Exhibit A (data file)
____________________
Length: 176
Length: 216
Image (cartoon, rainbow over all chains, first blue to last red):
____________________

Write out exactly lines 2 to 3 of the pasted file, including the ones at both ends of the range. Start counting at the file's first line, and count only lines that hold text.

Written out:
Length: 216
Image (cartoon, rainbow over all chains, first blue to last red):